There’s been a dirty little secret in the tech repair industry ever since the industry started. OEM PARTS.

In an effort to win more business people in the industry have often said they have OEM parts (Original Equipment Manufacturer). I’ve seen it and heard in the industry since the industry began. From repair shops to distributors, it’s been a blight on the industry since day one. Some whisper it while others blatantly advertise that they sell OEM parts. If you Google Apple OEM parts today you’ll see how some companies sneak OEM into their SEO results.

Let me make this clear. Outside of those authorized by Apple (or another OEM) NO ONE HAS OEM PARTS!

Even if you’re one of the honest people out there (and there are a lot of you!) the claim impacts your business because when your competitor says it you find yourself in a bad spot. You can try to maintain your integrity and hope you don’t lose the business, argue with the customer by telling them the other guy is lying, or bend to the pressure and say yours are OEM too. In the end you simply hope the customer doesn’t know or see the difference.

Either way the interaction damages the industry as a whole by putting questions in the customer’s head.


The problem has become so big that Apple is the first company (others will follow) that will now include a software verification system that will clearly show the customer if they have an OEM part or an “Unknown Part” in their device. If you don’t think this will have a major impact on the repair industry, then think again.

As iOS 15.2 rolls out, Apple is adding a new “Parts and Service History” section in the settings app. A feature that will allow anyone who looks at the phone to know if a part has been replaced on the device. If it has, each part replaced will show up in the history followed by either “Genuine Apple Part” or “Unknown Part”. The Genuine Apple Part message will only appear if Apple software is used to sync the parts – a part pulled from another device will appear as “Unknown”

In some ways this will be a really good thing with customers now able to see if the parts in their device or one they might be thinking about buying has been repaired and what kind of parts were used. This will also add another layer to device buyback and/or trade-ins. Some good, some bad for the greater tech care industry.

The second way Apple is addressing this problem is the soon to launch Apple Self Service Repair Program that will put OEM parts directly into the hands of the customer. A program that has been discussed a lot and many are wrongly dismissing as a non-factor for independent repair. You can read additional thoughts on this subject on the WiGoMan blog.

Flying under the radar a bit, Apple also announced recently that they will be doing mobile repair work for small businesses.


Here’s where things will impacting repair shops and the entire repair parts supply chain.

  1. OEM vs Aftermarket parts will be clear. No more hiding. No more lies. But the question is how will the customer react? Short-term impact might be minimal. The long-term outlook not so good.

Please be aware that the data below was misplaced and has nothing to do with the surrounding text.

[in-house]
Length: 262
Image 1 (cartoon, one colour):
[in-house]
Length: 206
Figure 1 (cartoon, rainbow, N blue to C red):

2. Trade-in repairs will be impacted. The customers who come into a repair shop now to get a screen fixed to increase trade-in value will likely stop. Assuming that the trade-in value will drop with this new knowledge. Maybe not at first but over time people will realize that they can’t trick the system anymore.
  3. Self-repair is bigger than you think. iFixit’s ($25-30 million in revenue) business model is built on this concept. Then think of all the eBay & Amazon part sellers. Every shop sees customers who have botched repairs themselves but that’s only a small fraction of the people who do self repair.
  4. Marketing Impact. Expect to see shops that are authorized, including Apple Stores, to advertise that OEM parts are the only way to go which will further impact the market for aftermarket parts. Restricting smaller independent shops even more. The larger chains (now owned by huge corporations) will benefit greatly by selling more OEM screens.
  5. Apple getting into mobile repair will also start to take a toll on independent repair shops. Again slowly at first but with a larger impact as it rolls out across the country.
  6. ** While not known or clear at this point this keeps open the possibility that Apple reactivates device software that can disable certain features on a device (Face ID, Fingerprint Sensor, etc.).

I can promise you that Apple and its partners have a plan and they are concisely executing that plan. Each of the things listed above will take away business from the industry. We need to turn the tide!

Listen, getting repair business in the past has been easy for most. You really didn’t have to do much to get some customers. Because of that a lot of people got into the industry. Opportunists that saw the potential and seized it. Think about it. A lot of those people are now getting into crypto, vaping, CBD, etc. Tech repair was a wide open market. But now it’s not. Now it’s going to require more work on your part. It’s going to require you to be more savvy as a business person if you want to stay in business. It’s going to require giving up some control and collaborating with others. It’s going to require a vibrant independent trade association.